Whether it’s sharp and sudden or dull and constant, pain from a trapped nerve is hard to ignore.
While pinched nerves aren’t uncommon, they can cause a major amount of discomfort, leading to sleepless nights and misery while performing even the simplest of everyday activities.
Often, the first step in getting relief from any kind of pain is identifying the source, and making sure a trapped nerve really is to blame. So if your symptoms are severe or ongoing, it’s a good idea to get them checked by a doctor or physio.
To find out more, we spoke to leading UK pain expert Dr Anthony Ordman, who founded the Royal Free Hospital’s pain management clinic in London.
What are trapped nerves and why do they happen?
Pinched or trapped nerves are thought to occur when pressure is put on an area of a nerve, causing it to send warning signals to the brain.
Ordman says they can appear in many different areas of the body, as the compression is caused by surrounding tissues, such as bones, cartilage or tendons.
“The most common examples include the neck, where the pain goes over the shoulder, down the arm and sometimes into the hand, or from the lumbar spine where the pain travels the leg – which is is what we commonly refer to as sciatica,” says Ordman.
“Other examples include pudendal nerve pain in the pelvis, which happens when the nerve is pinched by two ligaments or squashed by a bike saddle, causing intense pain in the groin.”
What are the symptoms of a trapped nerve?
Sometimes, pain might be your only symptom, although you could experience other warning signs too.
As Ordman notes: “The nerve pain itself can feel like a sensation of intense pressure or burning, and it may feel like tiny electric shocks or tingling.
At the same time, you can also experience numbness in the region of the nerve, which is a strange and contradictory sensation all at once.”
The discomfort happens, Ordman says, because the nerve is being squashed, so it sends the brain a message, which it interprets as pain. There may also be a feeling of muscle weakness in the affected area.
How is nerve pain treated?
If you’re suffering with a trapped nerve, rest assured that most cases go away on their own, and often quite quickly in a couple of days.
“In the case of neck and lumbar spine pain, changing your posture and visiting a good physiotherapist may be enough,” says Ordman.
Alternating between applying a heat and ice pack can help you to find relief – but make sure to wrap them in a towel before applying directly to your skin.
Massage therapy, through the use of a handheld massage tool, can help to stimulate circulation in the affected area and bring soothing benefits.
“Sometimes anti-inflammatory drugs such as ibuprofen can help, but they shouldn’t be taken long term. Painkillers such as paracetamol are not particularly helpful with nerve pain,” Ordman adds.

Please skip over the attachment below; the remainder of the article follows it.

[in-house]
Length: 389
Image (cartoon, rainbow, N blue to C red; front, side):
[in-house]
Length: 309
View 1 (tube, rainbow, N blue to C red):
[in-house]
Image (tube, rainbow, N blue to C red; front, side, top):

“There are specific medicines to treat nerve pain, including gabapentin, amitriptyline and pregabalin, but these drugs will only help one person in around four, and they usually have side-effects, such as sedation and memory issues or brain fog.”
You will need to speak to your doctor about these types of medicines, to ensure they are suitable and side-effects are monitored.
Ordman adds that pregabalin can be very addictive too, so should be prescribed in a controlled way.
“Newly available medicines, such as medical cannabis, are being increasingly turned to, and they can be very useful in treating the symptoms of nerve pain,” says Ordman.
Treatment will often depend on the severity of symptoms and their underlying cause, and more extreme measures – like surgery – are usually a last resort, when more conservative measures have not worked.
“Sometimes surgery is needed to save a slipped disk, or doctors can inject steroids around the pinched nerve, but such treatments are not available to everyone,” says Ordman.
Are trapped nerves ever serious or something to be concerned about?
Ordman says trapped nerve pain generally isn’t serious, but it can be. “Nerve pain can be very distressing and it can also restrict freedom of movement and sleep too.
Occasionally it can be very serious, where the nerve supply to the bladder or legs might become compressed, which could lead to problems emptying the bladder, or disfunction and weakness of the legs. In this situation, urgent surgery would be required,” he explains.
Are there any measures we can take to prevent it?
As with most health issues, self-care and living a healthy lifestyle is often key to prevention.
Ordman says maintaining a good posture (such as avoiding crossing your legs for too long), incorporating strength and flexibility movements into your routine, and taking breaks from repetitive activities can all help to keep your nerves pain-free in the long run.
However, you should speak to a doctor if your pinched nerve symptoms last for several days and haven’t responded to rest and painkillers.